People in four areas of Gloucester now have no fresh water or electricity after a power cut affecting a large swathe of the western area of the city.
Castle Meads substation in Gloucester has been turned off due to the rising flood water affecting 48,000 homes.
Central Networks, which runs the power plant, says Gloucester, Cheltenham and parts of Herefordshire are affected.
Military personnel and fire equipment from around the country was brought in overnight to deal with the situation.
The overnight operation has saved a much bigger power station which is part of the national grid serving more than half a million homes.
"The water level within the protected areas which the Environment Agency set up and brought to us, it's actually going down, so we think we are definitely achieving our objective," said Chris Griffin of Gloucestershire Fire and Rescue, speaking in the early hours of Monday.
Military equipment was brought in to help the situation
"Go steady" water plea
Gloucestershire County Council has made an urgent appeal for builders' merchants to supply giant sandbags in an attempt to help stop the water getting into the electricity sub-stations on the outskirts of Gloucester.
On Sunday the Mythe pumping plant at Tewkesbury was swamped by the rising waters and 150,000 homes lost their water supply.
Bottled water and 600 water tanks have been brought into the county to bolster drinking water supplies but it could be days before the supplies are back on again.
Severn Trent is mobilising on two fronts to get bottled water to a number of centres and to bring more bowsers - large water tankers - to stricken areas.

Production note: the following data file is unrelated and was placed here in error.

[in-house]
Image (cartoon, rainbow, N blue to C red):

Fraser Pithie from Severn Trent Water said: "Most of Gloucester city has no water now; Cheltenham still has got water but obviously its likely to lose its supply later today.
"We believe there's probably 20 hours worth of water left in Cheltenham and we are appealing to people in Cheltenham that if they go really steady they can perhaps make that 20 hours last even longer."
The county's Primary Care Trust is in talks with Severn Trent to ensure key health facilities such as hospitals and health centres continue to have access to clean water supplies.
People are being asked to be a good neighbour and check on the elderly and vulnerable to make sure they have access to bowser water or bottled water supplies.
Patients who have electric pressure mattresses at home are asked to contact their District Nursing Team for advice.
The PCT have moved to reassure the families of 27 patients who remain at Tewkesbury hospital that they have supplies of food and water.
Throughout the town GP surgeries have arranged for delivery of prescriptions for all patients. Those whose prescriptions are set to run out this week are asked to call their doctor.
BBC Radio Gloucestershire is running special programming with regular updates on the flooding.
It can be heard on 1413 MW, 104.7, 95.0, 95.8 FM, and online bbc.co.uk/gloucestershire